He noticed early on how the move to “almost live” coverage of the Main Event kind of ran against one of the original reasons for the delay, namely, as a means to build interest in the tournament for a close-to-simultaneous presentation of the ME’s conclusion in November.
Indeed, when the prepackaged shows dedicated to telling the story of the Main Event saw a precipitous drop in ratings during August, September, and October from previous years, some pointed to the “almost live” shows back in July as having perhaps negatively affected the size of the audience for the later, edited shows.
There were certainly other reasons, too, for the drop in numbers, but by the time we got around to November and it was announced that every single hand of the final table was going to be shown in the same “almost live” format, it really did seem as though the whole November Nine concept had perhaps run its course.
In fact, our buddy Kevmath kicked off the conference call we had a few days before the November Nine with that very question, alluding to WSOP Communications Director Seth Palansky’s comment in a PokerListings interview that having both the delay and the sort-of-live coverage “doesn’t quite work.”
There were no WSOP folks on that call, and so only Doug White, Senior Director of Programming and Acquisitions for ESPN, was able really to address the issue. White suggested the delay still had a place insofar as it helped contribute further to “the pomp and circumstance that you get around the final table in November.” Even so, by then many observers were starting to believe we were about to see the last November Nine.
Those suspicions appeared to have been confirmed yesterday when the WSOP cheekily hinted over Twitter that the November Nine would not be part of this year’s schedule.
Initial reactions to the apparent end of the November Nine experiment were mixed, with many seeming to say that while they opposed it at first they eventually came to like the format and were sorry to see it go.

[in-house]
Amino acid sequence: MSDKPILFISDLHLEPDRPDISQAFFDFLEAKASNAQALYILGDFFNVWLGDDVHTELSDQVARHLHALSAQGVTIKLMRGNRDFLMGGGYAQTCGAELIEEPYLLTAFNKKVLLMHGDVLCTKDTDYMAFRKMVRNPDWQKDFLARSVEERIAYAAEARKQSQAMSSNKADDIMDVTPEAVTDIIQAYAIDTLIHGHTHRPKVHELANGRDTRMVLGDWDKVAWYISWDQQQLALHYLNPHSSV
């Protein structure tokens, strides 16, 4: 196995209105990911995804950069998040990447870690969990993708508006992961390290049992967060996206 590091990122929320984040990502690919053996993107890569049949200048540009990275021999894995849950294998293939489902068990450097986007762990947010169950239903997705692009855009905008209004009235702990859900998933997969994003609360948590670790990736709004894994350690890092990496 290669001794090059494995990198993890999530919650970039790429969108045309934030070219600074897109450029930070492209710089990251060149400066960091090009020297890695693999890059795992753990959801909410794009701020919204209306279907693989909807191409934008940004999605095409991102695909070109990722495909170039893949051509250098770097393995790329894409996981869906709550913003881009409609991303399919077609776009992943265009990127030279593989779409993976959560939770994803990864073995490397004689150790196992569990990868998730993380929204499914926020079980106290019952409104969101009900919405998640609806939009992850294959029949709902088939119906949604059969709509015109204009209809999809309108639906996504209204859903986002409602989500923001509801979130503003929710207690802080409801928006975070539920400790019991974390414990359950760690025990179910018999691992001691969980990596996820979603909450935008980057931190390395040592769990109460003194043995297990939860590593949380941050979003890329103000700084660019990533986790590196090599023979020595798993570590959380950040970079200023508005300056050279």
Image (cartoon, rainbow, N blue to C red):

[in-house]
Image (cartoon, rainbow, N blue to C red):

I remember way back at the start of May 2008 when the idea was first announced -- at a relatively late date, if you recall -- I was strongly opposed to the idea as affecting too greatly the overall integrity of the most important tournament in poker. Fired off a few posts suggesting as much, including one titled “Nine Players in Search of a Final Table” and another with the angry-seeming header “The WSOP Main Event: Birth, Build-Up, Boom... Bastardized?”
While I have eventually come to enjoy certain aspects of the unique (if artificial-seeming) narrative arc created by the delay, I still haven’t entirely accepted the idea of building a whole, strange four-month long “season” out of a two-week long tournament.
As it turned out, when the WSOP finally turned over its hand today we discovered that tweet from yesterday was in essence just some misleading table talk -- in fact they will be keeping the delay in 2012. Indeed, the November Nine is (technically) no more. But that is only because the sucker has been moved earlier to the end of October so as to avoid coinciding with this year’s presidential election.
For details, check out the official 2012 schedule released by the WSOP today. I have to admit I’m a little disappointed to see F-Train’s early suggestion -- subsequently echoed by many -- not coming true and the delay remaining part of the WSOP Main Event schedule.
Four years is a long time in poker, though. More than enough to create the impression of a “tradition.” And so to alter that now would probably seem almost as incongruous as it did when the idea was first introduced.